But Parker County resident Steve Lipsky, who’s complaint at the RRC caused it to conduct its new study, continues his battle with Range Resources, arguing that its wells are responsible for the methane in his water well. Two other scientists who have reviewed the RRC test data concluded that the gas in Lipsky’s water is definitely the result of fracking operations.
Lipsky’s battle with Range continues in the Texas Supreme Court, where Lipsky and Range have both filed petitions for writs of mandamus. Lipsky has asked the court to dismiss Range’s claims against Lipsky for defamation and business disparagement. Range accused Lipsky and his expert Alisa Rich of fabricating evidence in Lipsky’s suit for damages for contaminating his well. Range asks the court to reinstate its claims that Lipsky and his wife and Rich conspired to fabricate evidence to defame the company. The court has not yet ruled on the petitions.
Meanwhile, the University of Texas at Arlington, along with UT’s Bureau of Economic Geology, are conducting a study of 550 water wells in North and West Texas, including baseline testing of wells in Nolan County using samples taken before commencement of drilling in that county, to investigate the impact of drilling and disposal operations over time. Some states, including Pennsylvania — but not Texas — require drillers to test nearby water wells before drilling to provide baseline data on groundwater.
In the last century in West Texas, oil and gas exploration in the Permian Basin scarred the landscape. Below is a Google Earth view of an area of Ward County in far West Texas, showing the drilling pads and roads from oil and gas development.
At the time of this development the surface of this land, dry and semi-desert, was considered relatively worthless, and the impact of oil exploration to the surface of the land was considered a small price to pay for the wealth of oil found under the ground.
Today, landowners have become more ecologically conscious and protective of the natural environment of their lands. Increasingly, oil and gas leases are including provisions requiring restoration of the surface by exploration companies. But restoration of semi-arid lands in West Texas is not a simple task and requires patience and expertise, as well as significant resources.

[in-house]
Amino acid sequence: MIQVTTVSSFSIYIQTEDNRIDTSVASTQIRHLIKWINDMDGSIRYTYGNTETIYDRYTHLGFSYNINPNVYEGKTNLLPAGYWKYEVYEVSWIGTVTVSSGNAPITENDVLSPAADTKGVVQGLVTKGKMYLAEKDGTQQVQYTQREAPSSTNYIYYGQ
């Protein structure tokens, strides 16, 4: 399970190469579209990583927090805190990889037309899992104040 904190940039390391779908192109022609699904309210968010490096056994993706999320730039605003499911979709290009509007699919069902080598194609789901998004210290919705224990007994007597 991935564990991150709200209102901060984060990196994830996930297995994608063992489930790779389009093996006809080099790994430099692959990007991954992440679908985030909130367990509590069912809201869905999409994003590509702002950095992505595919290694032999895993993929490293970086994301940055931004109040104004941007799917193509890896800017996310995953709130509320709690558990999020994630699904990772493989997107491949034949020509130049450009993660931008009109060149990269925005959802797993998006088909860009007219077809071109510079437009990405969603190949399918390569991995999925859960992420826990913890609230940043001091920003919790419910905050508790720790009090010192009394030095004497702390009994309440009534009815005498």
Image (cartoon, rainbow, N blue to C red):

I recently ran across a series of publications by the University of Wyoming that describes strategies for restoring Wyoming lands disturbed by oil and gas activities. The University has created a Reclamation and Restoration Center in its College of Agriculture and Natural Resources, working with its School of Energy Resources. It has published a series of informative bulletins describing best practices for restoration of severely disturbed lands – how to preserve topsoil, re-establish plant species, and preserve natural habitat. One bulletin describes considerations for including restoration requirements in oil and gas leases on private lands. The bulletins are online and can be found here. While Wyoming habitat is not the same as West Texas habitat, they have a lot in common.
A resource for landowners wishing to learn more about habitat restoration in South Texas is the Caesar Kleberg Wildlife Research Institute at Texas A&M University in Kingsville, which has experts on native habitat and vegetation.
There’s lots of buzz about a recent verdict in a case filed by a landowner in Dallas County alleging injuries from air emissions from drilling and production of Barnett Shale wells in Wise County. The case is Lisa Parr v. Aruba Petroleum, Cause No. 11-01650-E, in the County Court at Law No. 5 of Dallas County. The jury returned a verdict for personal injury and property damages of $2.9 million. According to the petition (Parr – 11th Amended Petition.pdf), Aruba had 22 wells within two miles of the Parrs’ 40 acres, including one within 800 feet.
CNN quotes the plaintiff, Lisa Parr, as saying that says she’s not opposed to the work oil companies do. She simply wants them to do their business responsibly.
“We are not anti-fracking or anti-drilling. My goodness, we live in Texas. Keep it in the pipes, and if you have a leak or spill, report it and be respectful to your neighbors. If you are going to put this stuff in close proximity to homes, be respectful and careful.”
Here is a chart of pending cases related to hydraulic fracturing done last year by Arnold and Porter: http://www.arnoldporter.com/resources/documents/Hydraulic%20Fracturing%20Case%20Chart.pdf
Emissions of methane from oil and gas exploration, production and transportation facilities have become a big topic in the news recently. The E&P industry touts natural gas as a more environmentally friendly fuel than coal for electric generation, reducing greenhouse gas emissions. But methane is a powerful greenhouse gas, and there is much debate over the amount of fugitive emissions from wells, pipelines, processing facilities and other industries handling the fuel.
- The UN Intergovernmental Panel on Climate Change has endorsed natural gas as a “bridge fuel” to reduce greenhouse gases.
- The EPA has issued estimates of methane fugitive emissions that have been criticized as low by environmental groups.